Bocage

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Bocage (pronounced 'boh kahj', IPA: /bo kɑːʒ/) is a French word which became current in military English in 1944. It means, in French, 'wooded country', 'countryside containing wood mixed with pasture', or 'farmland with hedges'. It is in this sense that it became notoriously used in English to label the deep lanes fringed by hedges on solid earth banks found in Normandy, where the word comes from. This countryside made ideal defensive territory for the German army to resist the advance of Allied tanks after the Normandy landings (D-Day) of 1944. Americans tend to call this type of country 'hedgerows'.

  • In the study of Art, bocage is a label for one kind of decorative background consisting of leaves, flowers, etc. in porcelain. This has been in use since around 1900.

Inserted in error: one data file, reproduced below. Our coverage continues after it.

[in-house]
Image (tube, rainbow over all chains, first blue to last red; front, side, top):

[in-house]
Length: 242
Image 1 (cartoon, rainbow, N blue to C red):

Etymological note: The older form of the word was boscage ('boskage' in Middle English). This was pronounced 'BOSS-kidge' (IPA: /bɒs kɪdʒ/), and reflects the Old French boscage, which has become bocage in modern French. Both are derived from the Late Latin boscu-, 'a wood', 'a group of trees'. There is also an archaic adjective bosky, from a similar root: it means 'wooded', 'covered with shrubs','woody'. In the eighteenth and nineteenth centuries, it was also used in slang to mean "Somewhat the worse for drink, tipsy" (OED).
  • An additional meaning for the spelling boskage was that in medieval history of a kind of feudal right involving the collecting of firewood - although, according to OED, this "meaning [is] disputed"
None of the words bocage, boscage or bosky have anything to do with proboscis.